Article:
Orlando needed shots to fall. The Magic are a team built on 3-point shooting and when open 3-pointers are not falling, things are going to be difficult.
Anderson's 3-pointer missed the entire rim and fell on the far side of the hoop. An air ball. Turkoglu's open three fell short off the rim. The Magic, down one at the time, had another chance when Anderson grabbed the offensive rebound. Mike Conley, Jr. though capped off perhaps the best game of his career, taking the ball right out of Anderson's hands.
A night of frustration seemed to burst from there as Dwight Howard picked up a technical foul at the worst time. The Grizzlies missed one of the three free throws to give the Magic some life. But even then it was pretty bleak. Jason Richardson, fighting off attempts to foul him with five seconds left, heaved a 30-foot 3-pointer that missed off the right backboard.
Memphis 100, Orlando 97. And more questions than answers about this new-look Magic team. A nine-game winning streak is far behind this team in its rear-view mirror. And some basic tenants of Orlando's game -- defense, impassioned effort, patience on offense -- are not sinking in.
The Magic have shown flashes for sure. Orlando opened up the game on a tear offensively and active defensively. The Magic got out on the break and created easy scoring opportunities, especially for Dwight Howard. Howard was incredibly active early in the game, changing shots at the rim, getting deep post position and scoring at will. it seemed like he was in for a big night.
What happened to that effort in the second and third quarters? That is likely to keep Stan Van Gundy up at night -- at least until Thursday's game against Miami.
Memphis outscored Orlando 65-46 in the middle two quarters. The offense does not seem so bad, but the Magic's defense was abysmal. The Grizzlies were hitting shots -- especially Darrell Arthur (14 points, 5/8 FG) and Sam Young (10 points, 5/9 FG) -- they do not normally make. But the Magic's defense was not helping them get stops either. Mike Conley had his first points/rebounds double double of his career in scoring 26 points and 11 assists and easily cut through the lane in those middle two quarters.
Orlando did not do much to help itself. The team settled for 3-pointers for much of that time and struggled to solve Memphis' 2-3 zone defense.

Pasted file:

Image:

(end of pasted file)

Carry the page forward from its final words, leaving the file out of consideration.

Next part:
The Magic shot 8 for 32 from long range, 25 percent. That included plenty of good looks that just did not fall (a continuing theme lately), but it also included quick shots early in the shot clock. Those are the shots Orlando needs to quickly eliminate.
Howard had his struggles too. It was not just those around him. He needed their support to do more with his 25-point, 14-rebound effort. But Memphis did a great job mixing coverages against him. The Grizzlies forced him into seven turnovers and did a good job frustrating him throughout the night. Howard was visibly frustrated all game, picking up a few silly fouls in the third quarter and that tell-tale technical foul late in the fourth quarter.
He composed himself enough to join Gilbert Arenas in a run to get the Magic back in the game.
And that is perhaps the most puzzling thing to come out of this game. Orlando was clearly good enough to win this game if the team had just focused on the details and remained patient throughout this game.
Arenas had just 10 points, but scored seven in the fourth quarter and dished out three assists. He played the entire fourth quarter because he was simply willing to push the pace and force some action on offense. He was surprisingly effective and gave some hope that he might be about to turn the corner with this team.
But that is all this seemed to be a mirage. Enough to tantalize Magic fans into believing Orlando can return to its status of being a contender by Playoff time this season. But Van Gundy's assessment that this team is not at that level is absolutely correct.
The Magic have only themselves to blame. With a better effort, they definitely could have won this game -- missed shots or not.